The ROG computers are designed for performance, and the G15 has top line and current components including an AMD Ryzen 7 processor and Nvidia’s GeForce RTX 2060 graphics card, and the slick 15.6-inch display has an anti-glare coating, a minimal bezel and a refresh rate that can get to 240 Hz. It’s not a 4K display – 1920×1080 instead – but that’s acceptable for a laptop to keep costs down because most Windows gamers have an external monitor with higher specs.

It’s extremely portable, too, weighing just over 2 kg (4.6 pounds) and with a thickness of only 19 mm.

While the manufacturer says you can get some 15 hours of battery, that’s when it’s not being used, and gaming is power intensive. You can expect about three to four hours unplugged, depending on the game you’re playing. But you can also use portable battery packs to power the machine through the USB-C port.

Other ports include an rj-45 ethernet, three USB-A, HDMI, and a headphone jack.

I’ve been using the G15 to get into my Steam library, to play games on Google Stadia, and also to play games from Microsoft, by loading them onto Windows, and also by playing Xbox games in the cloud using the new Xbox Game Pass Ultimate.

But I’ve also been using the G15 for work, and the crisp keyboard has made it easy for me to write and edit audio. The subdued design means that if I’m ever able to visit clients again, I can still look like a professional. The only thing that’s missing is a webcam.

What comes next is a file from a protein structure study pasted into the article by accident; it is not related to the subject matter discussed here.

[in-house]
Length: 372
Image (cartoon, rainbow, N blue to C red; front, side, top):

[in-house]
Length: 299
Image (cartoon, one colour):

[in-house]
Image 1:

The Zephyrus G15 delivers great performance for the price.

Edmonton’s BioWare confirms remastered Mass Effect

On Mass Effect Day 2020 (November 7), BioWare general manager Casey Hudson announced that a remastered version of the Mass Effect trilogy is in the works.

The Legendary Edition from the Edmonton studio is not a remake, but a remaster, cleaning up the art so the three games and DLC all look good in 4K.

At first the release will only be for PS4, Windows, and Xbox One, but Hudson said that there is a plan for PS5 and Xbox Series S/X.

Marvel’s Spider-Man: Miles Morales a completely new experience in a familiar setting

If you played Marvel’s Spider-Man, the 2018 game that I really loved, you should know that there’s not much new here.

This makes sense, as the sequel from Insomniac Games is set in the same New York City, uses a similar mission and collectible design, and has the same combat mechanics.